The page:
We're stumped if we can think of a reason NOT to get excited about the cricket World Cup, which began last week. We're bowled over by England's prospects. It's enough to make us feel quite batty. And... okay, we've run out of cricketing puns. For the moment.
But anyway, the cricketing world has decamped to the West Indies for the World Cup, where 16 of the world's best teams are slugging it out for one-day supremacy.
There's also a decent fight developing between mobile cricket games, with seasoned campaigners Michael Vaughan Cricket 06/07 and Freddie Flintoff All Round Cricket duking it out with feisty newcomer Brian Lara International Cricket 2007.
Gameloft is the latest publisher to pad up for battle, having signed up England all-rounder Kevin Pietersen. His game features all 16 World Cup nations, although unfortunately KP appears to be the only player sporting his real name.
In terms of the format, it follows a template reminiscent of Player One's Michael Vaughan games, offering a choice between an Exhibition match, a series of Challenges, and a full-blown tournament. The latter is a purely knock-out competition, rather than mirroring exactly the World Cup's structure.
Into the actual game, and it displays all the polish you'd expect from other sporty Gameloft titles, like Real Football 2007 or Tennis Open 2007. In fact, the viewpoint and visuals while fielding do remind you of both those games.
Another neat feature is the way there are two ways to bat. Auto Hitting just asks you to hit '5' at the right time to hit a ball, with the mobile deciding what shot you play. You can also press '2' for a back-foot defence or '8' for a front-foot defence. Meanwhile, Manual Hitting gets you to choose your shots, with each key on the keypad corresponding to a different shot (e.g. '3' is a hook, while '7' is a cover drive).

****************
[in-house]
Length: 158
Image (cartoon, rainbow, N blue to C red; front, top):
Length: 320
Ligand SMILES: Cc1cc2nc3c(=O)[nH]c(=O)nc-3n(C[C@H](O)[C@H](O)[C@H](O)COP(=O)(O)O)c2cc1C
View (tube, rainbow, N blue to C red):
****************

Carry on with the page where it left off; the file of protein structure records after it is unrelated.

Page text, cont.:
Bowling, in contrast, just has one method, with you setting the line and length, then the turn, and finally the speed. It's not hard to get to grips with, with a welcome element of complexity provided by the changing size of the bounce marker used to determine line and length – set it when it's small, and your ball will be more accurate.
Fielding is just a case of holding down '5' to reach and then throw the ball back, while you also control running between the wickets when batting, again with '5' to start a run.
All pretty straightforward on paper. Kevin Pietersen Pro Cricket 2007 should be great, then. But it's not.
Even in the one-button Auto Hitting mode, getting your timing right to hit a perfect shot feels too much like a lottery. In theory, messages telling you you're too early or too late should help you learn, but too often they seem random or just plain wrong to us.
You might think this is a polite way of saying we got thumped by Scotland while playing as Australia, and we're looking for excuses. But seriously, the direct comparison is with Michael Vaughan Cricket 06/07, where it's much more intuitive to develop your batting skills and you feel like you're in control of your shots.
Manual Hitting gives you more control, and the game pops up a message before balls telling you what key does what shot. But the fact it has to do this is surely a sign that the controls are too complex. The bowling is easier, but again, we didn't feel a strong sense of control.
Kevin Pietersen Pro Cricket 2007 does get better the more you play it and we certainly wouldn't suggest it's a bad game. But with three fine mobile cricket games already available, it doesn't bring much new to the table (except KP for his die-hard fans) and isn't as fun to play as any one of them.